Platinum – Platinum futures have shed almost 80 dollars in early trading on heavy profit-taking and worries that all-time record prices may trim demand. Jewelry demand for the noble metal is expected to plummet in the neighborhood of 30-40 percent not only because of high prices, but indications that economies worldwide are slowing – jewelers account for roughly a quarter of all platinum demand. More importantly, auto manufacturers – which account for just under two-thirds of global demand – have begun substituting Palladium for use in catalytic converters. The supply squeeze may spurn innovation in the industry, as manufacturers look for Platinum and Palladium substitutes. Much of the selling pressure can be attributed to profit-taking due to technically overbought levels. The RSI and stochastic indicators had readings in the mid-to-high 90's, which threw up red flags for traders. If the April contract is not able to recover, traders may view the chart setup similar to a key reversal. While not a true textbook key reversal, the pattern can be viewed as very bearish and hints toward a trend reversal, at least in the near term. Support comes in at 2081.50, 2009.80 and 1963.60, while resistance can be found at 2199.30, 2245.60 and 2317.20.

Rob Kurzatkowski, Commodity Analyst

February 21, 2008

Hedgers Nudge Gold to New Highs

Gold – April Gold futures posted a new record high this morning, as traders flock to precious metals as an inflation hedge. In addition to rising petroleum prices, the recent cold blast hitting much of the country has stirred the Natural Gas market from its slumber. Higher energy costs and a CPI report showing a higher-than-expected reading have more than offset the detrimental impact of yesterday's Platinum sell-off on the Gold market. The late-session buying in Platinum helped avert major chart damage, which should be supportive for the overall precious metals market. The daily April Gold chart shows the market breaking out of a wedge formation and penetrating resistance created by previous contract high close of 932.80. The measured move from the wedge formation suggests that the market may be ready to test the $1000 mark. Momentum continues to outpace both price and RSI, confirming a strengthening trend. Support comes in at 919.50, 901.30 and 886.40, while resistance can be found at 952.60, 967.50 and 985.70.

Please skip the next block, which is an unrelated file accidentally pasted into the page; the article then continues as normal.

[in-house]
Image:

Crude Oil – April Crude Oil futures are trading below the $100 mark this morning ahead of the weekly petroleum inventory report, which is expected to show a weekly build of over two million barrels. The report itself is expected to be bearish for the Oil market, but may force OPEC's hand in lowering output. Today's activity figures to be choppy due to the report and the likelihood that some traders may be tempted to take profits after the contract jumped 13 dollars over the past nine sessions. Oil is a market that trades on perception, and the perception is that OPEC will slash production, even if an official word at the cartel's March 5th meeting is still up in the air. The actual supply and demand fundamentals for the market are actually quite bearish, with inventories building and domestic gasoline demand falling in December and appearing to drop in January and February as well. The Alon refinery outage is only expected to affect one percent of gasoline supply and will probably contribute to rising inventory levels. The spinning top pattern on the daily chart hints at consolidation or a small reversal. The RSI indicator is still overbought at the moment, suggesting the market may be sluggish in any further advance. On the other hand, momentum is screaming higher, outpacing both price and RSI, indicating a bullish near-term bias. Support comes in at 98.17, 96.65 and 95.30, while resistance can be found at 101.04, 102.39 and 103.91.

Rob Kurzatkowski, Commodity Analyst

February 25, 2008

Gold Rises on Dollar Slump